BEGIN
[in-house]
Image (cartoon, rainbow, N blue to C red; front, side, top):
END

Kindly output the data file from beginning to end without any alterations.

[in-house]
Image (cartoon, rainbow, N blue to C red; front, side, top):